George Washington Papers

To George Washington from Joseph Jones, 6 September 1780

From Joseph Jones

Phila: 6th Sepr 1780

Dear Sr

I have received your favour of the 13th ulto upon the subject of a Report respecting a certain Gentleman and thank you for the freedom and candid manner of your Communications. The resentment discovered agt the Gentleman alluded to began to subside before your Letter came to hand and though for some time it was occasionally mentioned in conversation it has lately dyed away and will I expect not be revived—The Report of the Committee not only accepted his resignation but went further and I believe had it been then determind the Gentleman would have been informed his Services in the line of the Army would have been dispensed with that he might have leisure to attend to the settlement of his accounts. Had this step been taken it is probable a resignation would have ensued and perhaps a public discussion in the papers wch could have produced no good and upon the whole I am well pleased the matter was carryed no further than it has been.1 But unacquainted as I am with antecedent circumstances and judging from what was before me my Opinion was the Gentleman was justly reprehensible for the manner of his conduct as a Servant of the public employed in an important office or as a Citizen embarked in the common cause of America. The amasing Sums of money gone into that Departmt under his superintendence, abt Eighty millions and it is said about thirty millions unpaid the whole of which is unaccounted for has excited uneasiness not only in this Body but the people at large who call out for a settlement of the public accounts and although repeated endeavours have been used to bring the Officers in the great departments of the Army to account none have been rendered nor any likelihood of bringg them to a settlement. The em-bezelmt & waste of public property in these departments have greatly contributed to enhance our Debt and depreciate the currency and these abuses demand inquiry and punishment but I see no fair prospect of obtaining satisfaction for past transgressions and shall be happy to find we shall be able to avoid the like practices in future—a reform or an attempt to Reform seemed absolutely necessary for the satisfaction of the public and although the new System was pronounced a physical impossibility in execution others who have served long in the Army and were of the Committee that made the alterations entertained a contrary opinion and they affirm the Gentleman now in office if he can be supported with money can fully carry the new System into execution.2 In short I have seen some and have been told of so many abuses in the Q. Masters Comries and medical departments in the course of the last two years that I candidly confess I feel a degree of resentment agt the conduct of many in those departmts bordering on prejudice so nearly that I have resolved to condemn no person even in opinion withot due proof of delinquency least I should injure the Character of some honest Man in the general censure wch unhappily is but too prevalent.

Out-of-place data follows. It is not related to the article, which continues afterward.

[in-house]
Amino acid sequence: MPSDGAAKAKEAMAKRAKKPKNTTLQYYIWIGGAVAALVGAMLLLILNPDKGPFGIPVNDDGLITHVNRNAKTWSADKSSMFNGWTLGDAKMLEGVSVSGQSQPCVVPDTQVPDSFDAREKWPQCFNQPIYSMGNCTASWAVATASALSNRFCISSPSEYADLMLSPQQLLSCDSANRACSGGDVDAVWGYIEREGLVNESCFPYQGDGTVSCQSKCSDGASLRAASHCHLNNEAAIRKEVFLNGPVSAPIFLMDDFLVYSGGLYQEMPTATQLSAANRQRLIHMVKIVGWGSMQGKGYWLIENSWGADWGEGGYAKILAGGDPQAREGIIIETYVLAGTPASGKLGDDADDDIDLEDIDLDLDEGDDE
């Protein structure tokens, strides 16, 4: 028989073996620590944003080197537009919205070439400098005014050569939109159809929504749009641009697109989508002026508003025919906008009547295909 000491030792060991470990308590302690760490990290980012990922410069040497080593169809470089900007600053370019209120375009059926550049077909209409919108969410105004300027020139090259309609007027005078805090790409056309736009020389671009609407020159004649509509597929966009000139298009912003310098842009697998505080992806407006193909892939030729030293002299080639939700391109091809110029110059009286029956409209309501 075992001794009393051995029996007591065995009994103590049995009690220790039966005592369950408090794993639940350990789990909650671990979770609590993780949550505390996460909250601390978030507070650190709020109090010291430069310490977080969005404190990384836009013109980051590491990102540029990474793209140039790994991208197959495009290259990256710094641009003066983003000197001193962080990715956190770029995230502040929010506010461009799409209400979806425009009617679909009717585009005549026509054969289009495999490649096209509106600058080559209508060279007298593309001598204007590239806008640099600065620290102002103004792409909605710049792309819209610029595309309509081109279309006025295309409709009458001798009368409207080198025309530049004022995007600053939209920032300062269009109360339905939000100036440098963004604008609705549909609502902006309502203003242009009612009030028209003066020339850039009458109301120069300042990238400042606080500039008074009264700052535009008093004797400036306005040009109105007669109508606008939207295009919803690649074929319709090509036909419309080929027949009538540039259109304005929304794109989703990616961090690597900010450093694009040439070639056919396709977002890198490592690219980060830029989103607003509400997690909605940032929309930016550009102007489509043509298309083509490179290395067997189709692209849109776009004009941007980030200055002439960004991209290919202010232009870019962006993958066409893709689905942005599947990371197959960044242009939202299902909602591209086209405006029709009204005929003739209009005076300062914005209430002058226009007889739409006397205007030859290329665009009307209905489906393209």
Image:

What I feared for some time is at length but too evident that our designs agt New York must wait for more favourable circumstances to attempt carrying them into execution—perhaps something may in the course of the Winter be done to the South should we be in a situation to recover our losses there and be in time provided with a well appointed Regular Army and magazines of provisions laid up it is to be hoped we shall in the Spring before the Enemy can be reinforced and obtain supplies be in condition to act offensively agt N. York. Your Letters of the 20th last month and the 27th circular to the States are before a Committee and will in a day or two be Reported upon as to Flour and meat3—the great objects of drawing forth in time a competent regular Army and laying up Magazines will soon come in and I hope soon go through Congress that the several States may proceed to make the necessary provisions. I shall leave this place on Thursday for Virginia and mean to attend our next Session of Assembly in hopes of promoting a cession on the part of the State of their claim to the Lands to the N.W. of the Ohio to the united States which will be recommended to all the States having unappropriated western territory for the purpose of compleating the Confederation.4 I shall be glad to hear from you while there upon any matters that may occur and you shall think proper to communicate. with great esteem I am D. Sr Yr aff. hum: Servt

Jos: Jones.


1Jones had served on the congressional committee that reported on Maj. Gen. Nathanael Greene’s resignation as quartermaster general (see GW to Jones, 13 Aug., and JCC description begins Worthington Chauncey Ford et al., eds. Journals of the Continental Congress, 1774-1789. 34 vols. Washington, D.C., 1904–37. description ends , 17:690–91, 697).

2Congress had reformed the quartermaster general’s department and selected Timothy Pickering as quartermaster general (see Samuel Huntington to GW, 5 Aug., n.1).

4Samuel Huntington, president of Congress, wrote a circular letter to state governments on Sunday, 10 Sept. urging “particular States which have Claims to the Western Territory” to cede Congress those lands to encourage “a final ratification of the Articles of Confederation” (Smith, Letters of Delegates description begins Paul H. Smith et al., eds. Letters of Delegates to Congress, 1774–1789. 26 vols. Washington, D.C., 1976–2000. description ends , 16:45–46). The Virginia legislature adopted the desired legislation in January 1781 (see Thomas Jefferson to Huntington, 17 Jan. 1781, in Jefferson Papers description begins Julian P. Boyd et al., eds. The Papers of Thomas Jefferson. 41 vols. to date. Princeton, N.J., 1950–. description ends , 4:386–87).

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